Charles W Lynch
Regiment: 2nd Battalion, Royal Sussex Regiment
Parents: Mr E C J & Mrs A C Lynch
Brother: Percy Alexander Lynch
Brother-in-Law: Thomas William Veness
Address: 95a Hughenden Road, Hastings
Other Info: Shot in the leg at the Battle of the Marne. (Oct 1917) In hospital suffering from shell shock.
An article in the Hastings & St Leonards Observer dated 10th October 1914 reports: “Private Percy A. Lynch, 5th Battalion, Royal Sussex Regiment, writing from Dover, sends us an interesting letter from his brother, Private Charles W. Lynch, 2nd Battalion, Royal Sussex Regiment. It is a strange coincidence that the latter was a dispatch rider abroad, while Private Percy Lynch was fulfilling the same duty at Dover.
Private Charles Lynch, writing from the Princess Christian Convalescent Home, Bisley, where he is recovering from a wound in the leg, describes the ‘dust up’ in which he received his wound.
He says: “It was almost day break when we advanced out of the village, easting our breakfast as we trudges along through heavy rain. We marched about two miles, when suddenly we were under rifle fire and machine gun fire. We immediately took cover and scouted for the foe and their position. Two of our cavalry scouts came down the road, one of whom was seriously wounded and the other trying to cheer him up.
Companies extended and advanced with fixed bayonets to the top of the hill and I, being with headquarters of the Battalion, followed on. After about an hour’s fighting I was sent back to the Brigadier-General with a message.
I had about one and a half miles to go, and I had no sooner started than I was under shell fire. I went about 400 yards down the road at breakneck speed on a Government cycle, when I could hear a German machine gun cracking away in the distance, and the shots flying over my head. I lowered my head to the handle bars, and said to myself, ‘Neck or nothing.’ I arrived safely in the village, where I lit up a fag, from the pipe of one of the Black Watch, and told him how I came through a rain of of shells and gun fire.
I had still another half mile or so to go, and with a couple more puffs of my rain sodden fag, I continued the ride. I was now under cover for a while, and I met the Coldstream Guards, and the Officer, see that I was in such a hurry, stopped me and asked me who I wanted, and did my Regiment want help. I said I wanted the General, for whom I had a message, but I could not give him any particulars of my Regiment. I told him they were in action, and that was all I knew. He directed me onto the General, and on I went, only to come under rifle fire again.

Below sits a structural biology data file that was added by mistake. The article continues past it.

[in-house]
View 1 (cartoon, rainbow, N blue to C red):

I had two or three narrow escapes. The wheels of my cycle were hit twice. At last I saw the General, and he smiled at me as I tried to read the rain sodden message. I waited a few minutes before returning to the firing line, and partook of biscuits and cheese. Shells were dropping close at hand, and I decided to get back if I could, so off I went. I sailed along lovely for about a mile, when I met a wounded man of the King’s Royal Rifles, and he said, ‘For God’s sake mate, don’t go up that road or you will meet with disaster’. I took his advice and waited for a few minutes, but still the shells were falling in the village close by.
I directed my wounded friend to the dressing ambulance and, with another smoke we parted. I took another road, only to find that it led into the same one that I left, but I decided to go on and chance it, which was the only thing I could do. I turned into the corner, and no sooner had I thrown my fag end away away than I was covered by shrapnel and machine gun fire.
I got off my bike, but I got on again, thinking it was best to keep moving. I pedalled about ten or fifteen yards, when I felt a stinger in my left leg, so I fell off the bike and lay still. They must have waited on me coming back, thinking I had a message of some importance.
After I was hit the fire seemed to slow down and I endeavoured to bandage my leg, but I could not. No one being about, I jumped on the bike and rode for all I was worth back to the field ambulance, and was dressed and bandaged, and had to wait two hours before the ambulance took me out of further danger, and during that time the German guns were shelling the village and trying to silence our heavy guns.
When we moved off we had about 4 miles to go, and had to cross over the River Marne by pontoon bridge. I arrived at a barn, and lay there for a day, and was then taken by motor for ten miles to a railway and sent down to base, and from there I was shipped home. Well, I really thought that day was the end of the world, and every night I dream of those shells.”
Published: October 1914, May 1917 & October 1917
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